SC issues warrant against Calcutta HC judge Karnan for failing to appear in case
The Supreme Court issued on Friday a bailable warrant against sitting Calcutta high court justice CS Karnan, an unprecedented order in a bitter confrontation between the judge and the top court.india Updated: Mar 10, 2017 12:05 IST
The Supreme Court issued on Friday a bailable warrant against sitting Calcutta high court justice CS Karnan, an unprecedented order in a bitter confrontation between the judge and the top court.
A seven-judge bench headed by Chief Justice of India JS Khehar issued the order directing Karnan’s presence on March 31 because the judge ignored an earlier court order summoning him. Justice Karnan had to appear on Friday to respond to contempt proceedings initiated against him.
The court said the bailable warrant should be executed through Director General of Police, West Bengal.
Justice Karnan had, however, sent a letter to the CJI asking him to restore his judicial and administrative powers, which the bench rejected.
The SC had on February 8 issued contempt notice to the controversial judge who had accused several judges of the Madras high court -- where he had earlier served -- and a SC judge of corruption, nepotism and casteism.
The SC asked Karnan – who is Dalit – to be personally present before the top court on February 13.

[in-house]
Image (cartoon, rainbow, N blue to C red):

But, justice Karnan did not obey the court order and failed to appear. Instead, he wrote a letter questioning the contempt proceedings against him. According to the judge, only Parliament had the power to initiate action against a sitting high court judge by way of an impeachment motion.
Yet, the constitution bench gave him another chance, albeit with a warning.
“We will give him one more opportunity. We want to hear him before framing charges,” the bench had said on February 13 after attorney general Mukul Rohatgi suggested the court to go ahead with the proceedings in his absence.
In his earlier letter, justice Karnan has said the contempt action against him “is erroneous and has been willfully and wantonly passed with malafide intention”. Therefore these proceedings may be referred to Parliament, where, he said, he would establish the high rate of corruption prevailing in the judiciary in the Madras HC.